When travelling I keep a mental bucket list of must-sees/dos to check off wherever we go.
In particular, in the old cities of Europe I keep an eye open for cathedrals and stained glass, opera houses, speciality chocolate shops, jewellery shops so I can find a piece of my treasured labradorite (I collect wherever I travel … love it … a story for another day), and equestrian monuments, just to name a few.
There are a couple of monuments at Parc de la Ciutadella in Barcelona that caught might eye.
The first of these was the Triumphal Arch designed in 1888 by architect Josep Fontsere who was assisted by the then unknown Antoni Gaudi, a young student at the time. The arch was completed as part of a massive park project to replace the original citadel built for Felipe V between 1715 and 1720 which, in the 19th-century, became the much-loathed symbol of centralized power.
What follows are a few perspectives of the Arch taken, as you can see, with the brilliant blue sky as a back drop. The golden monument itself was almost blinding.
The Arch complete with pond, fountain, dragons and a couple of tourists (it was the winter) …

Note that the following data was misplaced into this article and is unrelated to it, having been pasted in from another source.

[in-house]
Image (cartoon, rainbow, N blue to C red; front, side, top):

Did I mention the monument was blinding? Actually, almost a shock against the azure sky …
Switched digitally to black and white I really like the perspective of the horses seemingly rising from behind the tree’s winter branches. Also, they have the patina of gold without the shock of it …
This last perspective, taken through winter’s skeletal branches, gives the illusion of a mosaic, which I really like.
The second monument, smaller in stature but also impressive, is that of General Prim — the man responsible for the demolition of the citadel and the land being given to the city as a park.
As you can see, the seagulls also have an eye for a good thing and love to leave their mark.
Thanks for visiting …
Copyright Aimwell Enterprises 2012